Africa bears a heavy disease burden
In countries like Canada disease burdens – how health problems affect a country economically and socially – are measured in terms of disability instead of premature mortality due to communicable diseases, such as malaria or tuberculosis. This stands in sharp contrast to Sub-Saharan African countries, including Ethiopia, Malawi and Tanzania, where communicable, maternal, nutritional, and newborn diseases continue to dominate. While cost effective interventions that can prevent the disease burden exist, coverage is too low due to health systems weaknesses and the health of too many people in the region remains at risk.
Every day, families, communities and health systems deal with the strain of disease, accidents and epidemics. All of this is aggravated by poverty, inequity, climate change, global fin ancial crises and internal strife, putting further strain on health systems that are already weak.
Among the systemic weaknesses preventing effective care is the acute shortage of health workers and their high drop out rate from the health system. In Tanzania, for example, up to 30 percent of health workers leave the system within a year after training. The ones who remain, too often lack hands on practical trainings and access to continuing medical education. Health facilities and hospitals, especially in rural areas, are thus left without enough skilled workers.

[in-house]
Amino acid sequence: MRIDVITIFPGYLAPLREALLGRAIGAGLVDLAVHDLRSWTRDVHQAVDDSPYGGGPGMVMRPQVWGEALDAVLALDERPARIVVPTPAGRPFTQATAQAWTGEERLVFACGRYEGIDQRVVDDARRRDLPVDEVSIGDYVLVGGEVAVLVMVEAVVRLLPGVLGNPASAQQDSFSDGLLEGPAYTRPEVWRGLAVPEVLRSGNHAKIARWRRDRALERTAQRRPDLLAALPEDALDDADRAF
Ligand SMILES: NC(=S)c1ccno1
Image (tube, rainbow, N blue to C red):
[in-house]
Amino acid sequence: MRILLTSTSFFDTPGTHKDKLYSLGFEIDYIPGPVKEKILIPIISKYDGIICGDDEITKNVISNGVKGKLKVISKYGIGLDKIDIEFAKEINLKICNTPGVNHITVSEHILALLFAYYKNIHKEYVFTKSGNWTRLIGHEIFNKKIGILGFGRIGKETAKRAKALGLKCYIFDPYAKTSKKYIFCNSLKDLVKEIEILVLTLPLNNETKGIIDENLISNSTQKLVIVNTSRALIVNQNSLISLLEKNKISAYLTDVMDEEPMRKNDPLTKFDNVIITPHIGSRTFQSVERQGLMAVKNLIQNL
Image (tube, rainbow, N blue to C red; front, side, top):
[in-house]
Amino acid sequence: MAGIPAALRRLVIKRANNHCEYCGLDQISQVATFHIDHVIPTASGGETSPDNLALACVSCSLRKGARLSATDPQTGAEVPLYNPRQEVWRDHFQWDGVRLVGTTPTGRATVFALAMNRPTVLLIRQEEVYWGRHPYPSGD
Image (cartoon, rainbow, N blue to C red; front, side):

CPAR’s projects are working to increase skills and knowledge among health workers at both the community and hospital levels. As part of our Physicians Partnering project, for example, Ethiopian nurses, doctors and other health care professionals are exchanging knowledge with experienced Canadian volunteer physicians. And our work in rural communities in Malawi is ensuring the community health workers – often the fi rst point of contact for health information in remote areas – are well equipped with the knowledge and practices necessary to prevent the spread of communicable diseases. As Africa’s health systems struggle to meet basic standards of care, CPAR is committed to delivering comprehensive projects to help overcome systemic barriers to its delivery. It is our belief that health is both a prerequisite to and an outcome of truly sustainable development.